When Billy Graham stands before the judgement seat of God, he may finally realize how badly he failed his country, and perhaps his God. On civil rights and the environmental crisis, the most important issues of his lifetime, he championed the wrong policies.
Graham was on the wrong side of history.
The world’s most famous evangelist let his apocalyptic anticipation of the coming kingdom of God blind him to the realities of living in this world.
For Graham, the Bible had a clear message for Christians living in what he believed were humans’ last days on earth. Individuals alone can achieve salvation; governments cannot. Conversions change behaviors; federal policies do not.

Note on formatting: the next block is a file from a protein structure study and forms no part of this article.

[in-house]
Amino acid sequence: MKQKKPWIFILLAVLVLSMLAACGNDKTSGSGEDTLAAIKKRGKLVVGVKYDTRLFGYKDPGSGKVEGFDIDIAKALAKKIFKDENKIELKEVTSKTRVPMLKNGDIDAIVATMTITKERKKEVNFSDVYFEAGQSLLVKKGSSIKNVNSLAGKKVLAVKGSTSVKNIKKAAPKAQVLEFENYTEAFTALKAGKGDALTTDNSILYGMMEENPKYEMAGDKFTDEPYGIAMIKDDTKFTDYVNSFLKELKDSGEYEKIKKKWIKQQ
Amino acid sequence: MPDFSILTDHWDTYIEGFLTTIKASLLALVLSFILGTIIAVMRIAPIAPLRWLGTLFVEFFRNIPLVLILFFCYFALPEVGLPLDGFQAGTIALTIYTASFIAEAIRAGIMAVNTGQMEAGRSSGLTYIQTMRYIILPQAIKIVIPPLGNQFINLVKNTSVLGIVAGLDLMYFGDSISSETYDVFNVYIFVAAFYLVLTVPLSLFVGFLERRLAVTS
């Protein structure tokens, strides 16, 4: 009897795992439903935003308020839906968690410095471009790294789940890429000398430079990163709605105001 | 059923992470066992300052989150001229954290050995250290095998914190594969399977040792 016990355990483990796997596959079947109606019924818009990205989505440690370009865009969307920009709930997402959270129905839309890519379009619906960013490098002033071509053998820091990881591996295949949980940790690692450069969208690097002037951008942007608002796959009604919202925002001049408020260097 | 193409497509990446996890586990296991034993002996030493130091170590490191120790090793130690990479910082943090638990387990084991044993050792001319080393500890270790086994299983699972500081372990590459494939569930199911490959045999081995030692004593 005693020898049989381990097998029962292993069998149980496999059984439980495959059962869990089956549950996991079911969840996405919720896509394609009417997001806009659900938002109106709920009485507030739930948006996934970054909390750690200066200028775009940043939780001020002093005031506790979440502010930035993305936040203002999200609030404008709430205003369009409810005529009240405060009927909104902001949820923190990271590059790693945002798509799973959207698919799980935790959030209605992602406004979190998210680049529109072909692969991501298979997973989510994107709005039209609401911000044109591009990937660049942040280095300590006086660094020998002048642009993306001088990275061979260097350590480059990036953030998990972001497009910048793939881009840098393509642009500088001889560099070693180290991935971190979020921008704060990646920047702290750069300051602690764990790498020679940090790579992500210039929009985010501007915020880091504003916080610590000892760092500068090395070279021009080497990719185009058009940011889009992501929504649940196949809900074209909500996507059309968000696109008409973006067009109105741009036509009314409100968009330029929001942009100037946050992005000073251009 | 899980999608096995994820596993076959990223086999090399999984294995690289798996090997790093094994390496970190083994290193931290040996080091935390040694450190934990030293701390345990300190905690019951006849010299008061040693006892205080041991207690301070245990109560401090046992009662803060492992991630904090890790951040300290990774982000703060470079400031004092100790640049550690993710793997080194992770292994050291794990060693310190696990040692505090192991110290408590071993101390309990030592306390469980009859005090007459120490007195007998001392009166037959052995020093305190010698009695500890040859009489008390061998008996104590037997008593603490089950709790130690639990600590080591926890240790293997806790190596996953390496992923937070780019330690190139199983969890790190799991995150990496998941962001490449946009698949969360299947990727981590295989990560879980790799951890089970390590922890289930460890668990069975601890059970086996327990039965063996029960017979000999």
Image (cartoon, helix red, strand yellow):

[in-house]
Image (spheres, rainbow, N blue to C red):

These convictions shaped the evangelist’s views on civil rights.
In the late 1950s, Graham integrated his revivals and seemed to support the burgeoning civil rights movement. This is the Graham most Americans remember.
But as the movement grew, expanded and became increasingly confrontational, the evangelist’s position changed.
Once leaders like Martin Luther King Jr began practicing civil disobedience and asking for the federal government to guarantee African Americans’ rights, Graham’s support evaporated.